NFC suffers from something of a chicken and egg problem. Few phones come equipped with it because there is little use for it. Meanwhile, organisations are reluctant to adopt NFC because few phones have the technology.
While not the only use for NFC, mobile payments have been the prime candidate, but security has always been a concern. Some debit and credit cards already support NFC payments without having to enter a PIN code. To offset this security weakness, a £15 transaction limit was imposed. This obviously reduces the ways in which NFC payments can be used. PayTag has to be used in the same way, given that it is a standalone token, like a credit card.
Conversely, the benefit of using NFC payments via a smartphone application is that you can authenticate to the payment service by entering information via your screen. This, of course, increases the time it takes to complete a transaction, but is much more secure.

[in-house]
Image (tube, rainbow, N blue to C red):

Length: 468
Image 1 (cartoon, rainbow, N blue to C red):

Nokia already supports NFC in multiple handsets, the Nokia 700, Nokia 701, and Nokia Lumia 610NFC, but are lacking a payment infrastructure with which to be used.
Barclaycard's bootstrapped approach to adding NFC is a step in the right direction, but we feel it makes the phone look like a much greater target to thieves; and is susceptible to wear and tear, unless used within a case, which could in turn affect the tag's performance.